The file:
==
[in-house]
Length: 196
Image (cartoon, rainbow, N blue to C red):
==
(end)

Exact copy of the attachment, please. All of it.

[in-house]
Length: 196
Image (cartoon, rainbow, N blue to C red):